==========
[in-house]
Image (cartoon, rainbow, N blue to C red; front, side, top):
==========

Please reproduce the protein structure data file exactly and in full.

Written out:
[in-house]
Image (cartoon, rainbow, N blue to C red; front, side, top):